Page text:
In recent years, there has been a lot of scrutiny placed on the Naval Academy's honor concept with critics saying that it has become less about accountability and more about remediation. Although Ballard did not address the current state of the honor concept at the school, he did put his error into pretty simple terms.


"I knew what I was doing was wrong. It had nothing to do with the Academy. Everyone knows right and wrong. You don't need to go to a military academy for four years and learn that. I just think it is reinforced more there. I think the concepts are pretty black and white."


While Ballard was adamant about taking full responsibility for his lapse in judgment, he thought that the land navigation exam given at TBS was "outdated" and inaccurate. In fact, he had to take the exam multiple times before he gave in to the temptation to use a couple answers from an answer key that made the rounds through his company.


"When I was questioned about it, I admitted it. I told the truth. It was about a week before graduation. I had known the names of 30 or 40 other guys who got it and was told if I gave (the investigating officer) more names that I could possibly receive a lighter punishment – perhaps not even be kicked out," said Ballard. "But I didn't think that I should benefit from telling on other lieutenants."


Ballard said that the test is so outdated that he is absolutely sure that the gouge that his company came into the possession of was passed on through the years by previous TBS classes.


"The problem is more widespread than the Marine Corps wants to admit. But they are thinking that since we kicked these 13 out, we solved the problem."


If given the opportunity to have a do over, Ballard said he would have brought the problems with the test as well as the answer key to the attention of his superiors, but what he did can't be undone.


"Something needs to be changed (with the test). The (cheating) is really widespread. It's just too easy to find a way around it, which is why I think so many people do it. I think it is out of sheer frustration with the outdated test, and because of the ease of access to a remedy," said Ballard.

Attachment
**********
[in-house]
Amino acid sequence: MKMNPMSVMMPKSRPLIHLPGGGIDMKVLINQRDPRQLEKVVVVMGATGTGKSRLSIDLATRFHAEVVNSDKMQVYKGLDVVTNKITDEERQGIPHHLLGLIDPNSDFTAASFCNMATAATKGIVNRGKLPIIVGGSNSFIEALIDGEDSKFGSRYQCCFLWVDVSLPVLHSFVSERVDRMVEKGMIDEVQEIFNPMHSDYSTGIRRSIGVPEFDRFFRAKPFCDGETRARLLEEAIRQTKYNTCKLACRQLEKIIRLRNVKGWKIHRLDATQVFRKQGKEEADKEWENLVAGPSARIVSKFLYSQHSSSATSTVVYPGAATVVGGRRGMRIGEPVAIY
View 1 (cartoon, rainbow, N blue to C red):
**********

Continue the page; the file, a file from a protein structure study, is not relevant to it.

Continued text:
"(The investigators) even went back and looked at old tests and discovered some training companies that had already graduated (TBS) and who are now serving in Afghanistan and Iraq had used the same information that I did. But we were the ones who got caught," he continued. "But the bottom line is that it was my fault and I have to deal with that."


Although Ballard does think he is being singled out as a football player by the Marine Corps Times, he said that he is used to seeing his name in the papers.


"You live and die in the spotlight (as a football player). Is it fair? No, but is it fair that my name gets in the paper for scoring a touchdown while a student who gets a 4.0 GPA doesn't? No, and I get that."


The most frustrating part for Ballard of this whole ordeal is the fact that he is facing an uphill battle to be able to serve alongside his friends and classmates.


"I was selected to be an infantry officer. That's what I wanted to do. That's what I was trained to do. I had my heart set on serving and I screwed up. Hopefully I will get a second chance (in the Marine Corps)."